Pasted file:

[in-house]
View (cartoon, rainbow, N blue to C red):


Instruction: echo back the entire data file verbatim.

[in-house]
View (cartoon, rainbow, N blue to C red):